Hassidim to study 'secular' trades

Belzer Rebbe opens door for followers' entrance into Israeli workforce.

By HAVIV RETTIG
November 1, 2005 23:20
3 minute read.
belzer hassidic rebbe 298 88

belzer rebbe 298 88. (photo credit: )

 
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At a speech delivered before thousands of his Belzer hassidim, the Belzer Rebbe called on those of his followers who were not studying properly or were not financially stable to learn a trade while attending a kollel. "Students who have the talent and economic ability to spend years studying in kollels are blessed and fortunate. But those students who, after a year of poor studying, whether this was due to their skill level or because of their financial situation, must go and learn a trade that can support its practitioner," the rebbe said on Simchat Torah last week, according to Channel 2. A Belz hassid who asked to remain anonymous told The Jerusalem Post, that abject poverty in the haredi street was a driving force behind the new phenomenon of haredim going out to get jobs. "People come to me begging for a job worth NIS 3,500 a month. 'Give me any job,' they say. There is no bread to eat on the haredi street." Asked if the situation was worsening in the wake of the budget cuts in recent years, the hassid emphatically concurred. "The average student," he added, "isn't willing to live in poverty anymore. It's getting harder for the haredi public to accept the claim that wealth distracts the mind from study." However, MK Yisrael Eichler (Agudat Yisrael), a Belz hassid and spokesman for the denomination, told the Post that there was nothing new in the rebbe's call. "The rebbe only spoke about learning a profession in the evening hours while studying in the kollel. This is a big deal in the media only because there are those who[se economic policies] are starving small children, and who have to justify their policies. So this gives them a chance to say, 'See, the haredim are going to work.' But Belz hassidim have always gone out into the workplace." Aharon Rose, a researcher of modern ultra-Orthodox thought, explained the discrepancy between the claims of Eichler and the Belz hassid. "It's true that most of the hassidic groups don't have anything ideological or theological against working, but the issue isn't work itself. As the haredi world grows," Rose told the Post, "the jobs within the haredi world have dried up." While many hassidim have always worked inside the community, "even in black market Judaica manufacturing," they are now forced to leave the community in order to find work. "The hassidic world reins in its students in large part through financial control, since they only go to work inside the community. That's changing now," Rose added, "and the Belzer Rebbe is taking a tremendous risk by telling his students that they can study 'secular' trades." "The issue," the hassid agreed, "is that people can't get decent jobs. The Belz hassidic movement is growing, and the rebbe regularly meets his followers who are going to work for pennies. He wants them to learn a trade so they can get real jobs with real salaries that can support families. We want to work in the general workplace just like any other citizen." "The big question for Belz is this: can the community survive when its young people go out into the world?" Rose explained. "They're asking themselves whether the secular world is unattractive enough, and whether their young people are strong enough in their identity and morals to withstand the pressure. The rebbe has accepted this risk by saying, 'Go out and work.'"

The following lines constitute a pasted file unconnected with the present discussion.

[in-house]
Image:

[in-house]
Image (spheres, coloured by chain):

More about:Simchat Torah, Belz

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